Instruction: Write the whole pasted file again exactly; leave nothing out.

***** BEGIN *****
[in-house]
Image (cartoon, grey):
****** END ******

[in-house]
Image (cartoon, grey):